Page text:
Pyramid-Shaped Malibu House Incorporates ‘Spiritual Elements’
The three-bedroom house has views of the Pacific Ocean, canyons and city lights
BY: V.L. HENDRICKSON
A pyramid-shaped Los Angeles home hit the market on Dec. 4 for $2.29 million.
The three-bedroom, three-bathroom home in Malibu sits at the top of Saddle Peak in the Santa Monica Mountains, according to the listing, with unobstructed views of the Pacific Ocean, canyons, city lights and beyond.
“It’s one-of-a-kind…you aren’t going to find another structure like this in Southern California,” said listing agent Mark S. Gruskin of Westside Estate Agency. He shares the listing with Jenn Black.
The home’s design incorporates spiritual elements, he said. The sacred geometry of the flower of life is emblazoned on the door, and the figure-eight shaped analemma—an ancient sun calendar that mimics its path—is inlaid into the floor.
“Sunshine comes in through an opening in the ceiling,” Mr. Gruskin explained. “You can tell what month it is by where the light hits.”
Spread out over 3,727 square feet, the gated residence sits on 2.4 acres of land. The grounds have been landscaped with native plants, as well as fruit orchards and vegetable gardens, the listing said. A patio and lawn area overlooks the canyons, and hiking trails surround the property.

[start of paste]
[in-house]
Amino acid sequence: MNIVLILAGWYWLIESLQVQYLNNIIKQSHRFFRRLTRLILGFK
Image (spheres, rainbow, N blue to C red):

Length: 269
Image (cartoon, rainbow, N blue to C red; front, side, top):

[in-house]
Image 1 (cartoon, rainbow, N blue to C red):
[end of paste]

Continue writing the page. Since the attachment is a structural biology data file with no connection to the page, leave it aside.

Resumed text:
The pyramid’s rooms have oversized windows to capitalize on the light on the mountain, as well as frame the views, Mr. Gruskin noted. The main living area features high ceilings with exposed wood beams and stone floors. There’s also a gourmet kitchen with stainless steel appliances, plus a breakfast nook and formal dining area.
There are also two bedrooms on the first level, plus a den and study with a fireplace. In addition, there is a detached garage and a storage shed. Up an ornate metal spiral staircase, the master bedroom has a private terrace and walk-in closet.
The home has been on and off the market since it was first listed for $3.1 million in February 2018, according to listing records. The price was cut in April of that year to just under $3 million, and then again in October to $2.9 million, before being removed from the market in early 2019.
The current owners purchased the property in November 2005 for $1.95 million. They were not available for comment.
Mr. Gruskin noted that the area around the home is sparsely populated, but the neighbors are an interesting group of artists and nature lovers.
“It could be an incredible space for musicians or other creative types,” he added.